Time is linear and of less importance to this person. In the work environment, this individual may be late with a project deadline for what he believes is a very legitimate reason. He has become so fascinated with an aspect of the project that he has spent hours researching it, because there may be a better way. While this can be frustrating for a team of co-workers or a boss, the “better way” may in fact be a huge savings in time and money.

8. They have difficulty focusing when they are not interested or fascinated.

Disorganized people often have difficulty in school, not because they lack intelligence, for clearly they do not. But if they are not interested in the Civil War or in a geometric proof, they will not spend the time required to master that content or skill. Our schools are filled with disorganized kids who have a need to be “sold” that something to be learned is of value.

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If teachers do not find creative ways to engage them, they “tune out” and their grades can show it. But give them a project that fascinates them, and watch them go. Instead of writing a research paper, they may want to write a play, and we should let them. Instead, we tend to medicate rather than accommodate them.

9. They are intuitive, extroverted, and feeling according to personality testing.

A number of years ago, the Myers-Briggs personality test was formulated, and personality types were related to specific types of people. Disorganized people who take the Myers-Briggs test almost always score high in areas that, compiled, relate to a personality type identified as “visionary.” These people love a challenge and find inspiration in solving problems that others see as impossible. They are ingenious and often refuse to do a task in the standard manner. Visionaries want to try new methods.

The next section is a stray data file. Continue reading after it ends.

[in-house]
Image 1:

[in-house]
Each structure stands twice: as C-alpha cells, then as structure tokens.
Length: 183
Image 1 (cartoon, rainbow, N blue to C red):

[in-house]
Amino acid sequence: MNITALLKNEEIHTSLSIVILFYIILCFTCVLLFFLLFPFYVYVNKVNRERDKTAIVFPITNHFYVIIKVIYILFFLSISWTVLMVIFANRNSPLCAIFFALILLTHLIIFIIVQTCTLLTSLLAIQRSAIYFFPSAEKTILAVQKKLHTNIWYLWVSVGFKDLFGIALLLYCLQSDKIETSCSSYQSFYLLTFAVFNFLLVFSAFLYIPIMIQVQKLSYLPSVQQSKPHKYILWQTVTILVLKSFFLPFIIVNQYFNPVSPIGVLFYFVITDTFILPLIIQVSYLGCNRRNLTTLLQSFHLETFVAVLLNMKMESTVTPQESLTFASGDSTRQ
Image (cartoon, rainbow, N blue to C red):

10. They must be learning all the time.

Chris Fields, a researcher and scientist from Stanford University has developed an in-depth profile of the disorganized personality. According to him, these individuals are “addicted to insight”—they have a compelling need to research and learn, as long as the subject matter is interesting to them. When they do reach an “aha” moment and there is a new insight or solution, they exhibit extreme euphoria. This “addiction” may cause them to challenge school or work authority and to appear to be argumentative. In fact, some new insight has caused them to see a “rule” or a traditional way of doing things as dumb.

11. They think globally.

Global thinking was actually an educational psychology term before it became a term used to relate to the ever-shrinking “world” in which we live. The best way to describe this type of thinking on the part of disorganized people is through example. It is the night before Christmas and a number of toys need to be assembled before morning.